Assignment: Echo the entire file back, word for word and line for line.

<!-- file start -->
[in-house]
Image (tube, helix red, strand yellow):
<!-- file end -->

[in-house]
Image (tube, helix red, strand yellow):